The game of American Politics is played by skilled politicians (called players), but controlled by an elite ruling class of oligarchs (called owners). The game is comparable in many ways to pro baseball, except there are only two competing teams (called Republicans and Democrats). Like pro baseball, 1) the players work for the owners, not for the people who finance the game, 2) the players are well paid (especially highly skilled players), but the big profits go to the owners, and, 3) like baseball, the big profits in American Politics come from the pockets of the masses of people observing the game (called fans).
Like pro baseball, the owners (not the fans) get to choose the players. But in the game of American Politics, the fans occasionally get to pretend they choose the players through a process called voting. In fact, they only get to vote for an extremely narrow field of players pre-approved by the owners.
Many fans enjoy this voting phase of the game as much as the day-to-day game because voting is always great entertainment and fanfare (sponsored by mainstream media). During the voting phase, television "news" overflows with hilarious, pompous pundits, flashy productions of candidate "debates", and slick, deceptive, endlessly-repeating, 30-second political ads—all completely substance free for our entertainment pleasure.
After voting, the fans go back to simply watching the game being played. But unlike the voting phase, where the fans only pretend to participate, in the day-to-day playing of the game, the fans are true participants. In fact, the fans are the main participants since they are ultimately the source of the owners' big profits.
There shall be (only) two competing teams designated Republicans and Democrats. The two teams shall work together to prevent the organization of any independent teams that might work for the benefit of the fans instead of the owners.
2.0 Ostensible Object of the Game
Using honest debate, the two teams shall compete to see which team can pass the most laws that benefit the most fans (the source of the game's big profits).
2.0.1 Actual Object of the Game
Using coercion, cunning deception, and blatant lies, the two teams shall compete to see which team can pass the most laws that benefit the most owners (by fooling the most fans).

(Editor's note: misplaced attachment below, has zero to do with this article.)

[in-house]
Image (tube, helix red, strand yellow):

Players must emphatically claim they work for the fans. Players can accuse other players of working for the owners, but must never admit that all players work for their owners. Any player actually attempting to work for the fans shall face a rigged primary challenge next election, and/or be severely penalized using various tactics outlined in Appendix III.
4.0 General Play
Players compete as team members and as individuals to see who can transfer the most dollars from the fans' pockets to the owners' pockets. Obviously some of the fans' dollars must be spent for their benefit (otherwise they'd revolt), but points are scored by the team that can regularly minimize this wasteful loss of owner profits.
5.0 Mischief Mechanisms
To prevent either team from passing laws that might benefit the fans, the well-established policies and procedures described in Appendix IV shall be used. These "mischief mechanisms" include such things as the filibuster, rigged standing committees (that can easily kill any "unfavorable" legislation without a floor vote), and other such mechanisms specifically designed to neutralize any rogue players who attempt legislation that might actually benefit the fans.
10.0 Game Strategies
Since all players must claim they work for the fans while actually working for the owners, all game strategies must involve some form of deception. The game is essentially a contest to determine which of the two teams is best at lying to the fans.
Thus the basic game strategy underlying all other strategies is to recruit people highly skilled at lying as team members, and then to judiciously appoint the best-of-the-best liars to fill key team positions. For example, the Speaker of the House should probably be the very best liar on the team since (as head of the "people's chamber") that player must adamantly claim to represent the best interests of the fans (while blatantly doing just the opposite).
10.1 Never answer the actual question
If asked if you take money from big oil, drone on about how you support (or don't support) wind energy subsidies.
10.2 Always point out your shady actions are legal
Don't be tricked into discussing the morality of your actions, simply point out it's legal ("Yes, I hid millions in the Cayman Islands, but it's perfectly legal"). Of course, don't mention your team passed the law that made it legal.
10.4 Always be vague when expressing opinions
It behooves you to keep as many fans as possible so never alienate fans by taking a clear position on anything. Use your vast lying skills to walk the fine line exactly midway between all opposing views.
10.5 Appeal to emotion, not intellect
Make fans feel, not think. Facts aren't important. Tell them you're working with the big coal companies to develop a process where coal combustion releases only water vapor and the smell of lilacs. Fans love the smell of lilacs.
10.6 Always practice your lying skills
Remember, you're a player only because you're a good liar. Practice whenever you get the chance. If someone asks you what you had for dinner last night, lie--just for the practice. If you want to remain a player in American Politics, you must keep your lying skills in tip top shape.